|General programme, activity sheet|
||Thursday 18 September, 2014 12:30 to 13:00
The acquistion of first and second person clitics and some implications
Authors: Anna Gavarró and Noemí Fortón
Although there is extensive work on the acquisition of third person clitics and numerous theories have been put forward to account for their develoment, there is very little experimental work on other Romance pronominal clitics. Here we focus on the acquisition of first and second person clitics, and use them to evaluate two theories on the acquisition of clitics, namely the Unique Checking Constraint (Wexler 1998, Gavarró et al. 2010) and the complexity theory as outlined in Tuller et al. (2011).
We designed an elicitation task inspired in Silva's (2008) experiment for European Portuguese, replicated later for Catalan by Rafel (2013). We slightly modified that design to avoid previous shortcomings and tested a wider age range, starting with 2-year-olds, a total of 45 children and 10 adult controls. Each subject was tested on 8 items, counterbalanced for person (first vs. second). Details of the subjects appear in (1) and the results of the experiment appear in (2). What is striking about the results is the very low rates of clitic omission (corroborated by the spontaneous production results in (3)), which contrast with what is known about third person clitic omission in languages like French and Catalan.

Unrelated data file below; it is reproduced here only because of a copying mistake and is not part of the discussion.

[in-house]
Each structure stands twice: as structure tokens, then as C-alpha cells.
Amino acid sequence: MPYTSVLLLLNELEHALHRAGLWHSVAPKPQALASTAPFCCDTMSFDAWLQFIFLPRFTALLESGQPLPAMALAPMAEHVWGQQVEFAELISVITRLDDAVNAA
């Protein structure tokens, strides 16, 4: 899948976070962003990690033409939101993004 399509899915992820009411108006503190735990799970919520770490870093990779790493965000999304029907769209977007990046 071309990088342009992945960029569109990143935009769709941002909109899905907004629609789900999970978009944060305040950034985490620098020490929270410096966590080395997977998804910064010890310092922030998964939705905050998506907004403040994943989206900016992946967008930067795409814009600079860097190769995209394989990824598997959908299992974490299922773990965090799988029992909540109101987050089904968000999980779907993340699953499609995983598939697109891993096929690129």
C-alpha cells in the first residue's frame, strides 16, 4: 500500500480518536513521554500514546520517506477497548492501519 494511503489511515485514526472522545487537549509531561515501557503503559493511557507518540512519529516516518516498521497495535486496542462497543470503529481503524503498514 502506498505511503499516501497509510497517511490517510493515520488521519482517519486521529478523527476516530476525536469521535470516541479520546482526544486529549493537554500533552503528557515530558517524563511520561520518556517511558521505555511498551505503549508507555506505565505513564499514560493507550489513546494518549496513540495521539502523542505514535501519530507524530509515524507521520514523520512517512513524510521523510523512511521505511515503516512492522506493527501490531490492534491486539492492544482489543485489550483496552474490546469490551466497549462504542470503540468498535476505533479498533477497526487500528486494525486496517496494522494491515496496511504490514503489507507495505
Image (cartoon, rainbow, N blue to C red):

The two theories considered predict better performance on first/second person clitics, the first because they do not trigger double-checking for lack of participle agreement (4), the second because third person is discourse-dependent and thus judged more complex. Yet, when we turn to other clitics, third person clitics in languages other than Catalan and French, for example Spanish, Greek and Albanian, the complexity theory incorrectly predicts homogeneous behaviour across languages. Thus we argue that the UCC account is empirically more accurate. Further, it allows us to dispense with a theory of clitic acquisition, since under the UCC nothing hinges on the clitic property of pronominals.
Paper session A2
Place: Main Room